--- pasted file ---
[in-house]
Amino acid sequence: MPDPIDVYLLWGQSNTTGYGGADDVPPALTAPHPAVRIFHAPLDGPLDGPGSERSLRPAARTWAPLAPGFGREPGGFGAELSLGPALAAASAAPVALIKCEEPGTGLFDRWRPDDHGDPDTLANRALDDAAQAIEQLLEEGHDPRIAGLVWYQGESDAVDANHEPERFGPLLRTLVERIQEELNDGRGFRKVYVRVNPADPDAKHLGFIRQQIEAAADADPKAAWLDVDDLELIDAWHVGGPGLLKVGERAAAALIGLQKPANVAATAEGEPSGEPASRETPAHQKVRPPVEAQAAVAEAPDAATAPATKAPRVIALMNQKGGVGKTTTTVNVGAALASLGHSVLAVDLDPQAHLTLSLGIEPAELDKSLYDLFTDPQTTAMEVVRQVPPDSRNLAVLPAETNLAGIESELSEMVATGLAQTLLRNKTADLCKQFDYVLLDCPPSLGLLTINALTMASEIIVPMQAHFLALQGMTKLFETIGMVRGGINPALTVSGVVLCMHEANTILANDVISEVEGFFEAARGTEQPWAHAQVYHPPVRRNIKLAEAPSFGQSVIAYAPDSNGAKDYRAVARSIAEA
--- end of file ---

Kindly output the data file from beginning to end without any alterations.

[in-house]
Amino acid sequence: MPDPIDVYLLWGQSNTTGYGGADDVPPALTAPHPAVRIFHAPLDGPLDGPGSERSLRPAARTWAPLAPGFGREPGGFGAELSLGPALAAASAAPVALIKCEEPGTGLFDRWRPDDHGDPDTLANRALDDAAQAIEQLLEEGHDPRIAGLVWYQGESDAVDANHEPERFGPLLRTLVERIQEELNDGRGFRKVYVRVNPADPDAKHLGFIRQQIEAAADADPKAAWLDVDDLELIDAWHVGGPGLLKVGERAAAALIGLQKPANVAATAEGEPSGEPASRETPAHQKVRPPVEAQAAVAEAPDAATAPATKAPRVIALMNQKGGVGKTTTTVNVGAALASLGHSVLAVDLDPQAHLTLSLGIEPAELDKSLYDLFTDPQTTAMEVVRQVPPDSRNLAVLPAETNLAGIESELSEMVATGLAQTLLRNKTADLCKQFDYVLLDCPPSLGLLTINALTMASEIIVPMQAHFLALQGMTKLFETIGMVRGGINPALTVSGVVLCMHEANTILANDVISEVEGFFEAARGTEQPWAHAQVYHPPVRRNIKLAEAPSFGQSVIAYAPDSNGAKDYRAVARSIAEA